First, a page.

The need to turn patients is one example of how monitoring can create clinical efficiencies. A camera that can detect when a patient has turned over lets the nursing staff know that the patient doesn’t need a clinician’s attention to reposition, preventing an unnecessary trip to the patient’s room.

In the machine audio space, there are three main technology types: command and control; ambient listening, which can alert a nurse if the system hears certain noises from a patient; and care companions, which use AI to develop relationships with patients through two-way conversation.

READ MORE: The future of smart hospital strategy brings care to the home.

The Five Goals of Patient Room ‘Next’

The Patient Room ‘Next’ strategy has five main goals:

  1. The “easy button”: This involves integrating clinical technology solutions into one platform, making it easy for clinicians to access the patient data they need when they need it.
  2. Real-time data knowledge: Having real-time access to patient telemetry and biometric data in one location can help clinicians make diagnoses and clinical decisions efficiently, based on the best information available.
  3. Automated documentation: Clinicians spend a lot of their time documenting the care they provide in the electronic health record. Time spent in the EHR can take away from time spent with patients. Automating parts of the documentation process frees clinicians to work at the top of their licenses.
  4. Touchless technology: Cameras and sensors can enable technology to monitor a patient’s condition without disrupting the patient’s environment. This will eventually expand to include touchless vitals that can be used in a patient’s home.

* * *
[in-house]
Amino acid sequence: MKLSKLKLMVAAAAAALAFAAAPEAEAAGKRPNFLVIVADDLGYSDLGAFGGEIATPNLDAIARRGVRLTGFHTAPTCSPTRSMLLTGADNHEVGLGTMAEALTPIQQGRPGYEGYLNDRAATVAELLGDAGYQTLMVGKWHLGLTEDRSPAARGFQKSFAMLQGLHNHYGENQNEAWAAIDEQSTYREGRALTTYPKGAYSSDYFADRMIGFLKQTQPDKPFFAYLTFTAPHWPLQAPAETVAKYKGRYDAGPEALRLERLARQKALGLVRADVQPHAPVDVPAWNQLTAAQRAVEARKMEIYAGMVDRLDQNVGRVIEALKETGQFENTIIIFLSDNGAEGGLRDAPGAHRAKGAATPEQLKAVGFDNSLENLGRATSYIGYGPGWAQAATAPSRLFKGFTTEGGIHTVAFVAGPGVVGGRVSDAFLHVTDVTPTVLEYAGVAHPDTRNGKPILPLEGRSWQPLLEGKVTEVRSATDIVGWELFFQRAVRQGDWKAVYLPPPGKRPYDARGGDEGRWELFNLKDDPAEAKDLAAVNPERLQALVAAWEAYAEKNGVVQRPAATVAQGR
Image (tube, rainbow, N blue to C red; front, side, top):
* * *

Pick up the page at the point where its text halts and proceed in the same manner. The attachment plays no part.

5. Flexible spaces: During the pandemic, many healthcare organizations had to find new spaces to care for ICU patients, such as parking garages or tents in parking lots. The Patient Room ‘Next’ strategy makes it easy for healthcare organizations to transform spaces when needed and then return them to their regular purpose.

DISCOVER: How partner-delivered IT services help mitigate the effects of staff shortages.

IT partners such as CDW and Sirius, a CDW Company, can help healthcare organizations determine which solutions would work best for them, and then install and manage the solutions. If an organization is renovating a floor or planning new construction, having a conversation with a technology partner can ensure that rooms are wired correctly and best positioned to support new technology.

As technology in these spaces matures, an IT partner can help fill in the gaps and integrate solutions to ensure ongoing clinical efficiency and quality patient care.

This article is part of HealthTech’s MonITor blog series. Please join the discussion on Twitter by using #WellnessIT.